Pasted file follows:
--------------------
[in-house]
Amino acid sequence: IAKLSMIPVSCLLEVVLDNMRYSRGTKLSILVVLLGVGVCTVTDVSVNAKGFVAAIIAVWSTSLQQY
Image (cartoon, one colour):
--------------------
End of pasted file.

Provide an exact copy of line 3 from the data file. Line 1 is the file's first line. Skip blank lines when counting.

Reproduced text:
Image (cartoon, one colour):